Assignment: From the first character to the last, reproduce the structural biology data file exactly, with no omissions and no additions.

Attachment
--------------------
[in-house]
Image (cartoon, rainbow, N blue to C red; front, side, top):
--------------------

[in-house]
Image (cartoon, rainbow, N blue to C red; front, side, top):